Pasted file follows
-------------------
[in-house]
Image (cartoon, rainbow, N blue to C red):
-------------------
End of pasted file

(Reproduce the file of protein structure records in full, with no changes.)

[in-house]
Image (cartoon, rainbow, N blue to C red):